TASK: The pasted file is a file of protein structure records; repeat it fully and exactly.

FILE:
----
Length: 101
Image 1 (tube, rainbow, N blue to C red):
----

Length: 101
Image 1 (tube, rainbow, N blue to C red):